There are pictures circulating of Hiroshima, Nagasaki, and Detroit in 1945 and today that portray sparkling cityscapes in Japan and a wrecked Detroit

For those who don't get the message, one of the items concludes with "What has caused more long term destruction - the A-bomb, or U. S. Government welfare programs created to buy the votes of those who want someone to take care of them?"

Americans are a long way from knowing what they will gain and lose from the administration's 2,000 page health reform, along with federal administrative rulings, state actions, as well as adjustments by insurance companies, HMOs, private physicians, and what the courts will say about the above.

The NYT has documented some of the unresolved questions of who will get what, at how much cost, and when will we finally know?

No one should accuse the NYT of being anti-social, anti-Democratic, or anti-Obama. However, it has reported about the continuing problems of a war that seems unwinable, as well as the follies in congressional/White House logrolling and public administration.

Americans may be seeing a repeat of the bad war and problematic social policy of the 1960s, this time in the presence of persistent unemployment, a large debt overhang, and all those tea parties.

Things are not looking any better in a region of the world claimed as a priority.

The Brookings Institution is reporting a poll of public opinion in Egypt, Saudi Arabia, Morocco, Jordan, Lebanon, and the United Arab Emirates, during the period of June 29-July 20, 2010. Among its findings:

"Early in the Obama administration, in April and May 2009, 51% of the respondents in the six countries expressed optimism about American policy in the Middle East. In the 2010 poll, only 16% were hopeful, while a majority - 63% - was discouraged."

The Arab public also has not gotten the administration's message about Iran. "In 2009, only 29% of those polled said that Iran's acquisition of nuclear weapons would be "positive" for the Middle East; in 2010, 57% of those polled indicate that such an outcome would be "positive" for the Middle East." The governments in most of the countries surveyed have expressed strong opposition to Iran's acquisition of nuclear weapons. Go figure.

There has been a stability of feeling from 2008 to the present about the prospects of a lasting peace between Israel and Palestinians. Again, the signs do not give the American president what he wants. 50-55 percent feel it will never happen, and 27-40 percent say that it is inevitable, but will take more time.

The Palestinians have refused to begin direct negotiations with Israel, and the Israelis have refused any concessions without direct negotiations.

It is hard to blame either the the Palestinians or the Israelis for those postures. They both are reacting to political realities more than Americans and others still pushing for direct negotiations. Only the naive can expect something more positive than angry frustration to result for such talks in the presence of Hamas, Hizbollah, Iran, and Syria, plus a weak Palestinian Authority and a suspicious Israel.

The Americans may have to prepare themselves for a short presidency. We'll get an some fresh tea leaves to read on November 2nd.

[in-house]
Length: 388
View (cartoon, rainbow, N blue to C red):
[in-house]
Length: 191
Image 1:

Ira Sharkansky (Emeritus)
Department of Political Science
Hebrew University of Jerusalem
Tel: +972-2-532-2725
Fax +972-2-582-9144

Posted by Ira Sharkansky at 09:05 PM
Hope and despair

Dr. Izzeldin Abuelaish appeared on a prime time Israeli new program, speaking in fluent Hebrew, representing the possibility that there might, after all, be a Palestinian Nelson Mandela.

Abuelaish (or Abu al-Aish) is the physician who held appointments in both Gazan and Israeli hospitals, and lost three of his eight children during the IDF onslaught at the beginning of 2009.

The topic of his interview was a new book, I Shall Not Hate (Random House), which also represents the theme of numerous public appearances. He told of relocating to the University of Toronto, where he says that he has found peace for himself and his remaining children. His wife died of leukemia during 2008, prior to the Gaza invasion.

Abuelaish represents both the hope and frustration of Palestinians and Israelis. He is by no means the only individual to have separated himself from the insular and hateful culture that is all too prevalent among his people. There are several anti-Islamic Arabs expressing admiration for Israel on clips circulating through the internet, as well as commentators from throughout the Middle East whose work is translated on My own circle of friends, colleagues, and students includes individuals who prefer to remain below the radar of public scrutiny while they work as Arabs in the Jewish sector, in East Jerusalem, or the West Bank.

Abuelaish stands out due to his work as a physician with Israeli and Gazans, personal tragedy, and appealing demeanor. He also appears to be apolitical, and has removed himself from the Middle East.

Reference to Mandela is not meant to legitimize a comparison between Israel and South Africa. That is the stuff of the mad and ignorant, or crafty activists desperate for a slogan. Mandela's relevance is a symbol of moderation and accommodation. There are plenty of those among Israeli Jews, with a capacity to recruit a substantial majority of the population if conditions ever become appropriate, and to deal with those who would say No in Hebrew. There are at least a few among Palestinians, but one of the crucial differences between their setting and South Africa is the Muslim mass, a religion with a component that is hateful of others, plus the infrastructure of politics, wealth, and theology stretching out from Iran, Syria, and Saudi Arabia across the region from Morocco to Indonesia.

One can argue if the story of Abuelaish is one of optimism or pessimism, or is anything more than an indication of one human face in a region usually reduced to one-liners.